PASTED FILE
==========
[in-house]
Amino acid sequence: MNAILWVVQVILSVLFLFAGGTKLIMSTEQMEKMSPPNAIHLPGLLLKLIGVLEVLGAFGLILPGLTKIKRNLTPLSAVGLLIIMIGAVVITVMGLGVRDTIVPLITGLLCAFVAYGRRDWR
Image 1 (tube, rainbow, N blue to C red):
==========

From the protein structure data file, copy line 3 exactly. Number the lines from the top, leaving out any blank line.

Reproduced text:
Image 1 (tube, rainbow, N blue to C red):